Weekly Devotion Header 2023

The Song

June 16, 2020
Photo: Pixabay

“To them God has chosen to make known among the Gentiles the glorious riches of this mystery, which is Christ in you, the hope of glory” (Colossians 1:27, NIV 1984).


                                                 “Hatta ya rah Feekah Yasoo.”


This is the closest I can come phonetically to the song sung recently by Arabic Christians serving God through H.O.M.E. (Health Outreach to the Middle East): “Let others see Jesus in you.” I was a guest at their banquet in Washington, D.C. and was amazed at their dedication toward bringing people to Christ through healthcare ministry. These followers of Christ are living out these words as they sing them. They are living what they believe. Others will see Jesus in them.

What does it take to live what we believe? What does it take to let others see Jesus in me?

What does it take for our beliefs to burrow beneath the cerebral cortex of our lives into our speech centers and motor neurons, so that Jesus may be seen and heard in our lives? These questions carry other big questions on their shoulders:

  1. First of all, do I believe what I think?

This is what I think: I, like the rest of the world, am broken and lost because of my sin. I will die eternally separated from God if I do not trust Jesus as my Savior and choose Him as my Lord.


I think this sincerely, but there is a huge space between thinking a thought and believing the thought. This space is bridged by the word “commitment.” Am I committed with my life to this truth that I think? As Donald Hankey put it, “True religion is betting one’s life there is a God.” Am I betting my life that the gospel is true, or, am I just acknowledging it with my head?

  1. And then, do I believe what I think about others?

Is the truth for us the truth for those we know? If the gospel is ‘life betting” truth for us, is it also “lifesaving” truth for them? I suspect this question stops more Christians than any other.

  1. And then, will I act on what I believe?

If I am committed to this gospel truth, both for myself and for those I know, will I be intentional about living it out and speaking it out, deliberately seeking ways to do so?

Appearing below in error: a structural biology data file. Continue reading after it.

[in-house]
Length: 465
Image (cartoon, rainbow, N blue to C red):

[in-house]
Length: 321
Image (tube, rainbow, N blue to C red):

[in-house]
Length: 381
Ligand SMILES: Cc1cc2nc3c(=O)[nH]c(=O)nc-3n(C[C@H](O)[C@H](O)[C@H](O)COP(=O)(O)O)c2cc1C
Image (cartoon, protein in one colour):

Can I shatter the inertia of my culture and live it out? Can I set aside that ball game, set aside that lifestyle choice, set aside that security, take on that difficult relationship, take the personal risk and act on my belief to speak the only message that lasts forever? This requires a deliberate decision on my part and depends upon the power of God’s Spirit to drag me out of the fast-moving-stream-to-nowhere that our culture calls normal.


  1. And then, as I act, will I trust?

Through it all, we must let God’s Spirit move through our lives without our interference. Others can see Jesus in us only if we move out of the way and let Jesus introduce Himself. Have we surrendered to letting God be visible in our lives, letting God be heard from our lips, whatever the cost, listening for His leading and dependent on His power to transform?

“Hatta ya rah Feekah Yassoo.”

Dear God,

Let others see Jesus in me.


Al Weir, MD

Al Weir, MD

After leaving academic medicine, Dr. Weir served in private practice at the West Clinic in Memphis, Tennessee from 1991-2005 before joining the CMDA staff as Vice President of Campus & Community Ministries where he served for three years from 2005-2008. He is presently Professor of Medicine at the University of Tennessee Health Science Center and Program Director for the Hematology/Oncology fellowship program. He is also President of Albanian Health Fund, an educational ministry to Albania where he has been serving for 20 years. He is the author of two books: When Your Doctor Has Bad News and Practice by the Book. Dr. Weir’s work has also been published in many medical journals and other publications. Al and his wife Becky live in Memphis, Tennessee, and they have three children and three grandchildren. Dr. Weir is currently serving on CMDA's Board of Trustees.

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